Thumb drives, keyboards, and mice, oh my! That’s right, these USB devices now may be the latest “lions, tigers, and bears” to fear in our high-tech world.
According to a recent Reuters article, such USB devices possibly can be compromised to hack into personal computers in a previously unknown form of attack that supposedly can side-step current security precautions.
As reported by Reuters, Karsten Nohl, a chief scientist at SR Labs in Berlin, has stated that hackers potentially can load software onto very small and inexpensive chips that control the functions of USB devices, but which presently do not have “built-in shields” that would prevent tampering with the devices’ operative code.
Nohl states that one “cannot tell where the virus came from.” He adds that it is “almost like a magic trick.”
Nohl’s firm has tested this out by writing malicious code onto USB control chips used in thumb drives and smartphones to perform attacks. Apparently, when a compromised USB device then is attached to a computer, the malicious software can cause all kinds of mischief, like monitoring communications, deleting data, and logging keystrokes.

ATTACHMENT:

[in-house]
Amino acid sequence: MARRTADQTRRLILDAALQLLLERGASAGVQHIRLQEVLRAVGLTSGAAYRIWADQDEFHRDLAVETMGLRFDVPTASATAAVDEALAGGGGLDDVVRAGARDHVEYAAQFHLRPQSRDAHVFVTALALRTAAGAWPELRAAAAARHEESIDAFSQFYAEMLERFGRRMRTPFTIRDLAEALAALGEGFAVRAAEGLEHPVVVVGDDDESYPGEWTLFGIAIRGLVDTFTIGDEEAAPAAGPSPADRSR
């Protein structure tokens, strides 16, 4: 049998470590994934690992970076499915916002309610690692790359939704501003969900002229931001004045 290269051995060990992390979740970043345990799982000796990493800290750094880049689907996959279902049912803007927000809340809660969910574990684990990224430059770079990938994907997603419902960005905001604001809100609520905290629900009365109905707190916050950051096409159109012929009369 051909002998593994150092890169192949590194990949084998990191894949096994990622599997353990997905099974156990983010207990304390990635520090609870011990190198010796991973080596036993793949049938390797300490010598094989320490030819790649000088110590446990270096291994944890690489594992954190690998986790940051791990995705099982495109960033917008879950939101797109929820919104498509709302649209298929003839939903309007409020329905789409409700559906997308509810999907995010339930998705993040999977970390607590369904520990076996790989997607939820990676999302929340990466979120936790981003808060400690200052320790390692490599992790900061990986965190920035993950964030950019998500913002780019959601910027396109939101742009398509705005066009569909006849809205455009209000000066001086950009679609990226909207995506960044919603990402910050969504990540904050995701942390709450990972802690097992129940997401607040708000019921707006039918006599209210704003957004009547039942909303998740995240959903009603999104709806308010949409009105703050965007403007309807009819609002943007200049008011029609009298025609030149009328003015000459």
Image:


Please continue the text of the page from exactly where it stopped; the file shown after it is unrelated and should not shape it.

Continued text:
Once a computer has become “infected,” Nohl believes that it could be programmed to infect other USB devices that later are attached to the computer, which devices then would infect subsequent computers into which they attach.
And quite problematic is Nohl’s claim that computers do not detect the “infections” when the compromised devices are inserted because current anti-virus programs do not scan “firmware” that controls the functioning of the devices — instead they only scan for software written onto memory.
Nohl has speculated (and this appears to be pure speculation) that intelligence agencies like the NSA may be launching these types of attacks already.
Is this a real and present USB danger, or are Nohl and SR Labs together a lone voice in the wilderness?
Hopefully, this problem will not materialize, and if it does or if it is about to launch, efforts will be made to erect adequate security protections.
Eric Sinrod (@EricSinrod on Twitter) is of counsel in the San Francisco office of Duane Morris LLP, where he focuses on litigation matters of various types, including information technology and intellectual property disputes. You can read his professional biography here. To receive a weekly email link to Mr. Sinrod’s columns, please email him at email@example.com with Subscribe in the Subject line. This column is prepared and published for informational purposes only and should not be construed as legal advice. The views expressed in this column are those of the author and do not necessarily reflect the views of the author’s law firm or its individual partners.